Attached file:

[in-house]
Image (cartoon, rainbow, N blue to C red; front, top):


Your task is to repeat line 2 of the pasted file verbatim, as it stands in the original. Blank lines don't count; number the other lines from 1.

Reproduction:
Image (cartoon, rainbow, N blue to C red; front, top):